||Research News: Integrated Electronic Medical Records Help One Health Care Team Provide Better Care
Debra: Is your patient allergic to anything? Do they have any
pre-existing conditions? Did they have any recent surgeries? These are critical
questions that clinicians in emergency departments face every day, all too often
without the benefit of a patient’s medical record or full medical history.
That’s why the Mount Ascutney Healthcare Consortium in Vermont says integrated
electronic medical records - ones that store and share patient information among
groups of authorized providers - can improve health care delivery and save
lives. Here to talk to us about the technology is Mr. Glenn Thornton of the
Mount Ascutney Healthcare Consortium. Welcome, Mr. Thornton.
Mr. Thornton: Thank you.
Debra: The consortium had already been using electronic medical records
but saw the need to develop an integrated system. Tell us why.
Mr. Thornton: The problem with our old system was that doctors spent too
much time looking for information on their patients. Information on a single
patient was spread out, as there was no single location where a doctor could
just pull up all the information he or she needed on a patient. For example, a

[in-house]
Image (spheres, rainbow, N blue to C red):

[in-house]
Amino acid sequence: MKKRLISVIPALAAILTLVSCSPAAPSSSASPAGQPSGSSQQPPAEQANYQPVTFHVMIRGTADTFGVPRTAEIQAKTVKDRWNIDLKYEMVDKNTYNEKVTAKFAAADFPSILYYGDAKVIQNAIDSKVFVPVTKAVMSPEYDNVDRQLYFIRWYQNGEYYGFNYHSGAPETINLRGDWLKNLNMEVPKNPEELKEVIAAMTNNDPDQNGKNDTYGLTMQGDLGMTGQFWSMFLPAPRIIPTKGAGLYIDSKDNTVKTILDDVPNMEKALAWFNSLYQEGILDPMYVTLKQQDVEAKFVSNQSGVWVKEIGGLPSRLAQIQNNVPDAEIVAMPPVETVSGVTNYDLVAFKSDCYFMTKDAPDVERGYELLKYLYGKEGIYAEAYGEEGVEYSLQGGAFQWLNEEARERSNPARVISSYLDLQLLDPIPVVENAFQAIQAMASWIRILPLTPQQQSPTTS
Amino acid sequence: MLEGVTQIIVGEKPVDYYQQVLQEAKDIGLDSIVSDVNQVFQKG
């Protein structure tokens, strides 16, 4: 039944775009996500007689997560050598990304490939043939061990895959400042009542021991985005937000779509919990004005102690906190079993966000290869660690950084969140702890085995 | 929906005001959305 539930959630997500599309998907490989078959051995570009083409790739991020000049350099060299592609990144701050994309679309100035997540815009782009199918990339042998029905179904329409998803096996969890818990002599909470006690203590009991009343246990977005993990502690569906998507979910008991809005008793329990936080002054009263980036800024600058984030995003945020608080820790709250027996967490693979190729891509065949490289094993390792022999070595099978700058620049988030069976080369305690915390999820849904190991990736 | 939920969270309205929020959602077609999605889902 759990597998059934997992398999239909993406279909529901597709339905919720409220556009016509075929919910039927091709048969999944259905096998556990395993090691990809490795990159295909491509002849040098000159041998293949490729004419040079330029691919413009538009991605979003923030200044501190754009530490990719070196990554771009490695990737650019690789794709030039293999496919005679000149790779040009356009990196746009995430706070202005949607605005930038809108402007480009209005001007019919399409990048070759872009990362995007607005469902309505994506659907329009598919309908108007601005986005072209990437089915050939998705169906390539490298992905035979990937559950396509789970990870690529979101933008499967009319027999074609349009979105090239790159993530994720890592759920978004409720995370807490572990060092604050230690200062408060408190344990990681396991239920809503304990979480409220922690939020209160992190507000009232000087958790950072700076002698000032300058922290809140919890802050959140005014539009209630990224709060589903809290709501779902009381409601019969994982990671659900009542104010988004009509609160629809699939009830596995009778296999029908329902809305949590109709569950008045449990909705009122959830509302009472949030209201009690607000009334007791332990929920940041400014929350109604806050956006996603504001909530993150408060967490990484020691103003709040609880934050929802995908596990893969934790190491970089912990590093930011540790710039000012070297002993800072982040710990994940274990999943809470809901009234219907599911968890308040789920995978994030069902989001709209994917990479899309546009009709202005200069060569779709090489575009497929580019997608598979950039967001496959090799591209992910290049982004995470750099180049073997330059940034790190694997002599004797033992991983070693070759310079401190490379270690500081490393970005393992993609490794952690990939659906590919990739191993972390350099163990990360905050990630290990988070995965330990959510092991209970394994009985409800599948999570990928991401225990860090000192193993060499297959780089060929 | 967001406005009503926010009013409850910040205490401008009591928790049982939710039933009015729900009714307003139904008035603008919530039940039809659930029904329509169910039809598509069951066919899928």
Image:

doctor might have to call a lab to get test results, or they might have to
search for a paper chart. The new system solves that problem.
Debra: How does the new system work?
Mr. Thornton: The doctor logs into a Web site, which was designed by
Orion Health and our organization, performs a patient search, selects a patient,
which then pulls the patient’s chart instantly. The electronic chart includes
lab test results, a detailed medical history, and, in some cases, digitized
radiology images. The new electronic system saves time and gives the doctor more
complete information, and in some cases, that could mean the difference between
life and death.
Debra: Can you give us an example?
Mr. Thornton: Well say a patient comes into the emergency room
complaining of a chest pain. Under the old system, the emergency room doctor
might not see the results of an electrocardiogram performed the week before. But
using the new integrated system, the doctor can see the test results because the
EKG was scanned into a central repository, and start appropriate treatment right
Debra: Does the system also help clinicians provide better care for
patients with chronic conditions, such as diabetes or asthma?
Mr. Thornton: Well let’s use a diabetic patient as an example. The
updated system contains all of the patient lab results, which allows the
provider to run a trend analysis graph for any given time period on any one or
more of the discrete data elements, such as Glucose and HbA1C’s, and allows them
to print out a graph to share with the patient, and in this way, the updated
system makes it easier for doctors to track the progress of a person with
Debra: Mr. Thornton, thank you for joining us today to talk about the
integrated medical records system.
Mr. Thornton: My pleasure.
Debra: For more information about this project and others, visit
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